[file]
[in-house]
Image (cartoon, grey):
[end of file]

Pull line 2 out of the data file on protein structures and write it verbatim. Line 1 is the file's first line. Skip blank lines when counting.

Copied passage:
Image (cartoon, grey):